Monday, February 23, 2009

By Dr. Richard Guentert

Two of our four lectionary passages this week spotlight the story of Noah and the flood: Genesis 9:8-17 and 1 Peter 3:18-22.

I can seldom approach this ancient story without being reminded of the cartoon which pictures Noah’s Ark beached on the ice of Antarctica. Stranded on the frosty lip of the continent! Marooned aground on this expanse of white ice! Noah’s wife is standing beside him complaining stridently: “I told you that you should have sent forth the dove instead of that stupid penguin!!!” Much humor and wisdom have found their source in this rich story from the Hebrew tradition.

As we approach the text this week, our homiletical consideration needs to move beyond the question of “Did it really happen?” to an affirmation about the “multiple meaty meanings” that are encapsulated in this remarkable tale.

I would quickly acknowledge that some of its wording demonstrates a deficiency of scale. The covenant, according to verse 13 is “between me and the earth.” This raises an intriguing issue. What does it mean to hear this passage in light of a God of the whole universe? Since people of earth will eventually move to populate the planets, does the covenant extend to the reaches of interplanetary space? In order to make application to a people who will ultimately be living in a larger frame of reference, if not actually pioneering new realms beyond planet earth, we 21st century Christians (who know little of existence beyond terra firma ) stand on the verge of having to re-articulate much of our “earth centered” testimony about the nature of faith and the message of Scripture for a new time.

As we re-read this oft-told narrative many other thoughts, questions and concerns come to mind (each of which will shape the way we deal with this foundational text).

>> Is the flood story an abrogation of “the good” of the original creation? Or is the flood story God’s “new strategy” for re-creating a people who are willing to live in an obedient faith relationship with their Creator? Or is it a story that encompasses both of these truths?

>> In the Noah epic God’s creative work appears to have moved from populating the earth afresh, to re-populating the earth all over again. And is there a sense in which the new circumstances of each generation re-present us with this task of re-populating the planet (so to speak) with a fresh incarnation/embodiment of new life and innovative experiences of reconciliation?

>> Whatever the real dimensions of the flood, it covered the whole known world, of its story-teller. The author’s intent was obviously to connote both the dimension of the catastrophe, and the breadth of God’s act of ultimate salvation in the 15th verse of today’s text: “and the waters shall never again become a flood to destroy all flesh.”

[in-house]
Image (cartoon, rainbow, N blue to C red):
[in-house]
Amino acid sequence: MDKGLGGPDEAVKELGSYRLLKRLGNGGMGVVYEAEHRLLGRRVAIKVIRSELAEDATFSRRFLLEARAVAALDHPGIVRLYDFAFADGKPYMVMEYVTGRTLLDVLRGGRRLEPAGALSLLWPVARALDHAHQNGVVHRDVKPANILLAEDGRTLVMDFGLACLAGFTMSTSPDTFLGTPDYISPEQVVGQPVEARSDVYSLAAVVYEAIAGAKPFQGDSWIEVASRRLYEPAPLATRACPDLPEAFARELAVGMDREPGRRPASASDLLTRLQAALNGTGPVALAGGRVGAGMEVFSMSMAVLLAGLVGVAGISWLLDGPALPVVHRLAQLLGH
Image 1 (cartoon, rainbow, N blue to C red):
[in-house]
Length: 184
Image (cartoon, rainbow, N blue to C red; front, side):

>> This week’s lectionary segment, only part of the larger story, emphasizes the Compassion of God for both the human and the non-human creation.

>> The quality of what occurred in the concluding promise of Noah’s epic is, in many ways, a foretaste of John 3:16 … a portrayal of the kind of God who “so loved the [entire] world.”

>> This passage is ultimately about “covenant.” And covenants, by their very nature, require fresh signs and repetitive affirmations of them.

>> It is not insignificant that this covenant is God-initiated. Verses 9 and 11 both say, “I am establishing my Covenant.”

>> Verse 13 says that it is when the bow is in the clouds that we will be reminded of this covenant promise. In other words, it is in the “stormy” times that remembrance re-occurs. (Parenthetically, I just purchased a new Blackberry Storm …. with a GPS navigator function. My Blackberry, along with this passage, remind me that it is in the midst of the “storm” that I most need navigational assistance.)

>> In this story God seems to be shaping God’s own divine identity around being “a God who remembers covenant.” This engenders the insight that “being created in the image of God carries with it the obligation to be a people who keep on rehearsing/remembering the Covenant Relationship.”

The second lectionary text (I Peter 3:18-22) also depends on knowing the Noah flood epic. It tells us that following Jesus’ crucifixion his resurrected spirit visited those sinful scoffers of Noah’s flood-time warnings. The resurrected Spirit of Jesus “made a proclamation to the spirits in prison, who in former times did not obey, when God waited patiently in the days of Noah, during the building of the ark” (verses 19-20).

Many centuries after the flood story, we have again in First Peter the portrayal of a pursuing God’s compassion. Noah’s God is unwilling to let the drowned-deny-ers and the ark-scoffers soak in their sinful consequences. No! With the resurrection of Jesus, our Christ’s Spirit reaches back to rescue and redeem them, each one.

In what seems to be a stretch of “comparative effort gone amuck,” the I Peter text then notes how “eight persons were saved through water” [verse 20], (i.e. riding out the flood in a vessel of salvation, populated by 8 humans and a passel of animals.) And this, says our author, is a “prefiguring” of the Baptism “which saves us” (verse 21).

The waters of Baptism put our minds at ease (i.e. "a good conscience" in verse 21) . . . even as Noah and kin had some peace of mind in riding out the storm and being rewarded by the covenant promises of God. And if such a good outcome came to Noah, how much more can we, who believe in the resurrected Christ, trust in the covenant relationship and look forward to composed minds – tranquil and serene – calm with shalom and benefiting from the serenity of the Spirit?

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